在古典悲剧中,悲剧的缺陷是导致主人公做出最终导致悲剧的选择的个人品质或特征。悲剧的概念可以追溯到亚里士多德的诗学。在《诗学》中,亚里士多德用“哈马蒂亚”这个词来指代主人公走向自己堕落的内在品质。“致命缺陷”一词有时被用来代替悲剧性的缺陷。值得注意的是,悲剧的缺陷和哈马蒂亚都不一定意味着主人公的道德失败。相反,它指的是特定的品质(好或坏),导致主角作出某些决定,反过来,使悲剧不可避免。例子:莎士比亚戏剧的题材主人公哈姆雷特·哈姆雷特的悲剧瑕疵,是古典文学中悲剧瑕疵教导最多、最清晰的例子之一。尽管快速阅读该剧可能暗示,哈姆雷特的疯狂——无论是假装的还是真实的——是他垮台的罪魁祸首,但他真正的悲剧缺陷是过于犹豫。哈姆雷特迟疑不决的行为导致了他的垮台,也导致了整个戏剧的悲剧性结局。在整个剧本中,哈姆雷特在内心挣扎着是否应该报复并杀死克劳迪斯。他的一些顾虑被解释得很清楚,比如当他放弃一个特别的计划时,因为他不想在祈祷时杀死克劳迪斯,从而确保克劳迪斯的灵魂能上天堂。他也有理由首先关心根据鬼魂的话采取行动。但即使他拥有所有的证据,他仍然采取迂回的方式。因为哈姆雷特犹豫不决,克劳迪斯有时间自己编剧情节,当两套计划发生冲突时,悲剧就接踵而至,夺走了大部分主角。这是一个悲剧的本质并不是道德败坏的例子。在某些情况下,犹豫不决是件好事;事实上,人们可以想象其他古典悲剧(例如,奥赛罗,或罗密欧和朱丽叶),犹豫不决本来可以避免悲剧的发生。然而,在《哈姆雷特》中,犹豫不决是错误的,它导致了一系列悲剧性的事件。因此,哈姆雷特的犹豫不决态度是一个明显的悲剧缺陷。例子:Oedipus the King的悲剧缺陷。悲剧的概念起源于希腊悲剧。俄狄浦斯,索福克勒斯,是一个最好的例子。在剧本的早期,俄狄浦斯收到一个预言,他将杀死他的父亲,娶他的母亲,但是,拒绝接受这一点,他开始了自己的。他傲慢的拒绝被看作是对上帝权威的拒绝,使骄傲或傲慢成为他悲剧结局的根源。俄狄浦斯有几次机会收回他的行为,但他的骄傲不让他这么做。即使他开始了他的探险,他仍然可以避免悲剧,如果他不是那么肯定,他最清楚。最终,他的傲慢导致他向众神挑战——这是希腊悲剧中的一个重大错误——并且坚持被告知他永远不应该知道的信息。俄狄浦斯的骄傲是如此之大,以至于他相信他知道得更好,他能够处理任何事情,但是当他得知他父母的真相时,他彻底崩溃了。这是一个悲剧性缺陷的例子,它也被描绘成一个客观的道德负面:俄狄浦斯的自尊心是过度的,即使没有悲剧的弧线,这本身也是失败的。

新西兰梅西大学文学Essay代写:古典悲剧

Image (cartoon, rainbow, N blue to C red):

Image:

In classical tragedies, the defects of tragedy are the personal qualities or characteristics that lead the protagonist to make the final choice leading to tragedy. The concept of tragedy can be traced back to Aristotle’s poetry. In Poetics, Aristotle uses the word “Hamathia” to refer to the inner qualities of the protagonist towards his own degeneration. The term “fatal defect” is sometimes used to replace tragic defects. It is worth noting that neither the defects of the tragedy nor Hamathia necessarily mean the moral failure of the hero. On the contrary, it refers to certain qualities (good or bad), which lead the protagonist to make certain decisions and, in turn, make tragedy inevitable. Examples: Hamlet Hamlet, the protagonist of Shakespeare’s plays, is one of the most clear examples of tragic defects in classical literature. Although a quick reading of the play may suggest that Hamlet’s insanity, whether pretended or real, was the culprit of his downfall, his real tragic flaw was too hesitant. Hamlet’s hesitant behavior led to his collapse and the tragic ending of the whole drama. Throughout the play, Hamlet struggled to decide whether he should retaliate and kill Claudius. Some of his concerns were clearly explained, such as when he gave up a special plan, because he did not want to kill Claudius in prayer, so as to ensure that Claudius’soul could go to heaven. He also has reason to be concerned about acting on the ghost’s words first. But even if he had all the evidence, he still took a roundabout approach. Because Hamlet hesitated, Claudius had time to write his own plot. When the two plans clashed, tragedies ensued, taking most of the main characters. This is an example of a tragedy whose essence is not moral corruption. In some cases, indecision is a good thing; in fact, one can imagine other classical tragedies (e.g., Othello, or Romeo and Juliet) that indecision could have avoided tragedy. However, hesitation is wrong in Hamlet, which leads to a series of tragic events. Therefore, Hamlet’s hesitant attitude is an obvious tragic defect. Example: Oedipus the King’s tragic flaw. The concept of tragedy originated from Greek tragedy. Oedipus, Sophocles, is the best example. Early in the script, Oedipus received a prediction that he would kill his father and marry his mother, but refused to accept it, and he began his own life. His arrogant refusal was regarded as a refusal to God’s authority, making pride or arrogance the root of his tragic ending. Oedipus had several opportunities to retract his actions, but his pride did not allow him to do so. Even if he started his adventure, he could still avoid tragedy. If he wasn’t so sure, he knew it best. Ultimately, his arrogance led him to challenge the gods — a major mistake in Greek tragedy — and insist on being told the information he should never know. Oedipus was so proud that he believed he knew better and could handle anything, but when he learned the truth about his parents, he completely collapsed. This is an example of a tragic defect, which is also portrayed as an objective moral negative: Oedipus’s self-esteem is excessive, and even without the arc of tragedy, it is itself a failure.

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